21. Where a landlord does not require the whole or any part of any premises for a particular period, and the landlord, after obtaining the permission of the Controller in the prescribed manner, lets the whole of the premises or part thereof as resident for such period as may be agreed to in writing between the landlord and the tenant and the tenant does not, on the expiry of the said period, vacate such premises, then, notwithstanding anything contained in Section 14 or in any other law, the Controller may, on an application made to him in this behalf by the landlord within such time as may be prescribed, place the landlord in vacant possession of the premises or part thereof by evicting the tenant and every other person who may be in occupation of such premises.

15. We must notice that Section 21 runs counter to the general scheme and, therefore, must be restricted severely to its narrow sphere. Secondly, we must place accent on every condition which attracts the Section and if any one of them is absent the Section cannot apply and, therefore, cannot arm the landlord With a resistless eviction process. Thirdly, we must realise that the whole effect of Section 14 can be subverted by ritualistic enforcement of the conditions of sanction under Section 21 or mechanical grant of sanction therein. Section 21 overrides Section 14 precisely because it is otherwise hedged in with drastic limitations and safeguards itself against landlords' abuses.

16. What, then, are those conditions and safeguards? The first condition is that the landlord does not require the demised premises 'for a particular period' only. This means that he must indicate to the authority before which sanction is sought for letting what is the particular period for which he can spare the accommodation. The Controller must be satisfied that the landlord means what he says and it is not a case of his not requiring the property indefinitely as distinguished from a specific or particular limited period of say one year, two years or five years. If a man has a house available for letting for an indefinite period and he so lets it, even if he specifies as a pretense, a period or term in the lease, Section 21 cannot be attracted. On the other hand, if he gives a special reason why he can let out only for a limited period and requires the building at the end of that period, such as that he expects to retire by then or that he is going on a short assignment or on deputation and needs the house when be returns home it is good compliance. The second condition is that the letting must be made for a residential purpose. The house must be made over 'as a residence'. If it is let out for a commercial purpose, Section 21 will not apply, whether the ritual of a sanction under that provision has been gone through or not. Thirdly, the Controller's permission is obligatory where he specifies the particular period for which he gives permission and further qualifies the permission for use as a residence. The Controller exercises an important regulatory function on behalf of the community. The fact that a landlord and a potential tenant together apply, setting out the formal ingredients of Section 21, does not relieve the Controller from being vigilant to inquire and satisfy himself about the requisites of the landlord's nonrequirement 'for a particular period' and the letting itself being 'as a residence'. A fraud on the statute cannot be permitted especially because of the grave mischief that may be perpetrated in such event.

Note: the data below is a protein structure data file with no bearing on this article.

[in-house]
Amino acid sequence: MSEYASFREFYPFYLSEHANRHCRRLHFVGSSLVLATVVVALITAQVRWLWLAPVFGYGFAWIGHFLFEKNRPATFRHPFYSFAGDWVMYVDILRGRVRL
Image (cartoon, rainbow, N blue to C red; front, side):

17. It is easy to envisage the terrible blow to the rent control law if Section 21 were freely permitted to subvert the scheme of Section 14. Every landlord will insist on a tenant going through the formal exercise of Section 21, making ideal averments in terms of that Section. The consequence will be that both the Civil Procedure Code which prescribes suits for recovery of possession and the Delhi Rent Control Act which prescribes grounds for eviction will be eclipsed by the pervasive operation of Section 21. Neither grounds for eviction nor suits for eviction will thereafter be needed, and if the landlord moves the court for a mere warrant to place the landlord, through the court process, in vacant possession of the premises, he gets it. No court fee, no decree, no execution petition, no termination of tenancy wish for possession and the court is at your command. Such a horrendous situation will be the negation of the rule of law in this area. So it is that we deem it necessary to lay down the law as implied in Section 21.